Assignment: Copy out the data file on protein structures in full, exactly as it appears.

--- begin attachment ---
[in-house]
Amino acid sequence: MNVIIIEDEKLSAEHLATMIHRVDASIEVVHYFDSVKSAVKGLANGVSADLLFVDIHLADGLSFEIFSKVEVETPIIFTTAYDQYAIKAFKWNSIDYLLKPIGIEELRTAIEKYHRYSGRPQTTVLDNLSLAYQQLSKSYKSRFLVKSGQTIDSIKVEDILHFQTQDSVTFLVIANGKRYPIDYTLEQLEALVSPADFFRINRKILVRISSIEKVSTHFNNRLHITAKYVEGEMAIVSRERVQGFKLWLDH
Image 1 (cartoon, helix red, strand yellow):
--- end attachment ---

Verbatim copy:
[in-house]
Amino acid sequence: MNVIIIEDEKLSAEHLATMIHRVDASIEVVHYFDSVKSAVKGLANGVSADLLFVDIHLADGLSFEIFSKVEVETPIIFTTAYDQYAIKAFKWNSIDYLLKPIGIEELRTAIEKYHRYSGRPQTTVLDNLSLAYQQLSKSYKSRFLVKSGQTIDSIKVEDILHFQTQDSVTFLVIANGKRYPIDYTLEQLEALVSPADFFRINRKILVRISSIEKVSTHFNNRLHITAKYVEGEMAIVSRERVQGFKLWLDH
Image 1 (cartoon, helix red, strand yellow):